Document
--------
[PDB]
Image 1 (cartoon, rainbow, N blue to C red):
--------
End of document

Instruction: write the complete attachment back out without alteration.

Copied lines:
[PDB]
Image 1 (cartoon, rainbow, N blue to C red):